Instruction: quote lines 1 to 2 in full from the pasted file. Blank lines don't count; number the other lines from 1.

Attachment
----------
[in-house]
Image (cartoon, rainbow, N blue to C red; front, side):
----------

[in-house]
Image (cartoon, rainbow, N blue to C red; front, side):